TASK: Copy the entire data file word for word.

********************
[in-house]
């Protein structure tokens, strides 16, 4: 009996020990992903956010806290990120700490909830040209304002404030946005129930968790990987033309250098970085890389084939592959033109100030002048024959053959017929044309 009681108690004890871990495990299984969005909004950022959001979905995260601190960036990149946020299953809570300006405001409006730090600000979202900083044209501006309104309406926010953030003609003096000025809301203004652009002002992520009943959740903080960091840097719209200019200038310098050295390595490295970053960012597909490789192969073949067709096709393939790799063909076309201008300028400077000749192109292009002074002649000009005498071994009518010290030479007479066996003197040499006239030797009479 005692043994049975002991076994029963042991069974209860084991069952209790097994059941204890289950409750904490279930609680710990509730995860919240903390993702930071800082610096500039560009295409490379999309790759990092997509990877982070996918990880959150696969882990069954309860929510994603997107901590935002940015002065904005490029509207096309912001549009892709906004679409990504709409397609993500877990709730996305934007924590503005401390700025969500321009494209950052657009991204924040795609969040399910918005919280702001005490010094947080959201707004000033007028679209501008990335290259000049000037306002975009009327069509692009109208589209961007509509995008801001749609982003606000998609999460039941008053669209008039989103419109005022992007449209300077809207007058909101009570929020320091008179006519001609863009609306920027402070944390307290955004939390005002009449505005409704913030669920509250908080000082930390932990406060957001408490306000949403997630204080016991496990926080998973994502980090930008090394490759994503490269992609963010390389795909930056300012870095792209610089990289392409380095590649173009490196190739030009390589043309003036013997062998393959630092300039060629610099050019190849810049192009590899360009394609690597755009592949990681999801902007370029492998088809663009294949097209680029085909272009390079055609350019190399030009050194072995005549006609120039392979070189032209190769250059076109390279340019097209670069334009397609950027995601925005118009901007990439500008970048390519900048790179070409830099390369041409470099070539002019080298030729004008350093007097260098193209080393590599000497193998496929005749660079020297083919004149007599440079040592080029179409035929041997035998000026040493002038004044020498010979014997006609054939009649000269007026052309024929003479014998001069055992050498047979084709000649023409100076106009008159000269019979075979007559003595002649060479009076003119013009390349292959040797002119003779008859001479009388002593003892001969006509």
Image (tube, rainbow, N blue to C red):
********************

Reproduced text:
[in-house]
């Protein structure tokens, strides 16, 4: 009996020990992903956010806290990120700490909830040209304002404030946005129930968790990987033309250098970085890389084939592959033109100030002048024959053959017929044309 009681108690004890871990495990299984969005909004950022959001979905995260601190960036990149946020299953809570300006405001409006730090600000979202900083044209501006309104309406926010953030003609003096000025809301203004652009002002992520009943959740903080960091840097719209200019200038310098050295390595490295970053960012597909490789192969073949067709096709393939790799063909076309201008300028400077000749192109292009002074002649000009005498071994009518010290030479007479066996003197040499006239030797009479 005692043994049975002991076994029963042991069974209860084991069952209790097994059941204890289950409750904490279930609680710990509730995860919240903390993702930071800082610096500039560009295409490379999309790759990092997509990877982070996918990880959150696969882990069954309860929510994603997107901590935002940015002065904005490029509207096309912001549009892709906004679409990504709409397609993500877990709730996305934007924590503005401390700025969500321009494209950052657009991204924040795609969040399910918005919280702001005490010094947080959201707004000033007028679209501008990335290259000049000037306002975009009327069509692009109208589209961007509509995008801001749609982003606000998609999460039941008053669209008039989103419109005022992007449209300077809207007058909101009570929020320091008179006519001609863009609306920027402070944390307290955004939390005002009449505005409704913030669920509250908080000082930390932990406060957001408490306000949403997630204080016991496990926080998973994502980090930008090394490759994503490269992609963010390389795909930056300012870095792209610089990289392409380095590649173009490196190739030009390589043309003036013997062998393959630092300039060629610099050019190849810049192009590899360009394609690597755009592949990681999801902007370029492998088809663009294949097209680029085909272009390079055609350019190399030009050194072995005549006609120039392979070189032209190769250059076109390279340019097209670069334009397609950027995601925005118009901007990439500008970048390519900048790179070409830099390369041409470099070539002019080298030729004008350093007097260098193209080393590599000497193998496929005749660079020297083919004149007599440079040592080029179409035929041997035998000026040493002038004044020498010979014997006609054939009649000269007026052309024929003479014998001069055992050498047979084709000649023409100076106009008159000269019979075979007559003595002649060479009076003119013009390349292959040797002119003779008859001479009388002593003892001969006509």
Image (tube, rainbow, N blue to C red):